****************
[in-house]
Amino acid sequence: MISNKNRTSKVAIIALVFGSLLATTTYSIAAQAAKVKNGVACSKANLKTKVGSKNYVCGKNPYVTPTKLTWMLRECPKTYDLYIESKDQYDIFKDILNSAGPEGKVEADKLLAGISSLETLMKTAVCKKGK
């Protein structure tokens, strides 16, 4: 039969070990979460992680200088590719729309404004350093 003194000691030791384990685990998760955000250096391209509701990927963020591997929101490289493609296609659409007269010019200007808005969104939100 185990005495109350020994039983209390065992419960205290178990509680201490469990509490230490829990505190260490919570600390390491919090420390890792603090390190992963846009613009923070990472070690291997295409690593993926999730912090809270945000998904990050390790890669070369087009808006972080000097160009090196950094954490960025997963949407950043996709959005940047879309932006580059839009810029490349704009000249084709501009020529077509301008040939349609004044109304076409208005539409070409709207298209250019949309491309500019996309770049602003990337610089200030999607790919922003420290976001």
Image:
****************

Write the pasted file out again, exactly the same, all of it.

[in-house]
Amino acid sequence: MISNKNRTSKVAIIALVFGSLLATTTYSIAAQAAKVKNGVACSKANLKTKVGSKNYVCGKNPYVTPTKLTWMLRECPKTYDLYIESKDQYDIFKDILNSAGPEGKVEADKLLAGISSLETLMKTAVCKKGK
């Protein structure tokens, strides 16, 4: 039969070990979460992680200088590719729309404004350093 003194000691030791384990685990998760955000250096391209509701990927963020591997929101490289493609296609659409007269010019200007808005969104939100 185990005495109350020994039983209390065992419960205290178990509680201490469990509490230490829990505190260490919570600390390491919090420390890792603090390190992963846009613009923070990472070690291997295409690593993926999730912090809270945000998904990050390790890669070369087009808006972080000097160009090196950094954490960025997963949407950043996709959005940047879309932006580059839009810029490349704009000249084709501009020529077509301008040939349609004044109304076409208005539409070409709207298209250019949309491309500019996309770049602003990337610089200030999607790919922003420290976001």
Image: